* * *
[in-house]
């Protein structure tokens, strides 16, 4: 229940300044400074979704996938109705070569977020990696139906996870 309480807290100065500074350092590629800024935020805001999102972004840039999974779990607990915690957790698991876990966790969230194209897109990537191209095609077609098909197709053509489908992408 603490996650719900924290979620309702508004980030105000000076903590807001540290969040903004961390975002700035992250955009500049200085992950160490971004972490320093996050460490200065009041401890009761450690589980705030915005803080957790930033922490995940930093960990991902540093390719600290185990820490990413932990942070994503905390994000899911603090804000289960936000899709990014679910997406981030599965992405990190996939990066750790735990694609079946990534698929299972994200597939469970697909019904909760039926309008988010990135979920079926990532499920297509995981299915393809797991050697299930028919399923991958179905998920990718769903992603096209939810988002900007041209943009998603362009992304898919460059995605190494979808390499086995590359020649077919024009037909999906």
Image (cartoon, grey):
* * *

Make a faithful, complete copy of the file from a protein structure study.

[in-house]
């Protein structure tokens, strides 16, 4: 229940300044400074979704996938109705070569977020990696139906996870 309480807290100065500074350092590629800024935020805001999102972004840039999974779990607990915690957790698991876990966790969230194209897109990537191209095609077609098909197709053509489908992408 603490996650719900924290979620309702508004980030105000000076903590807001540290969040903004961390975002700035992250955009500049200085992950160490971004972490320093996050460490200065009041401890009761450690589980705030915005803080957790930033922490995940930093960990991902540093390719600290185990820490990413932990942070994503905390994000899911603090804000289960936000899709990014679910997406981030599965992405990190996939990066750790735990694609079946990534698929299972994200597939469970697909019904909760039926309008988010990135979920079926990532499920297509995981299915393809797991050697299930028919399923991958179905998920990718769903992603096209939810988002900007041209943009998603362009992304898919460059995605190494979808390499086995590359020649077919024009037909999906």
Image (cartoon, grey):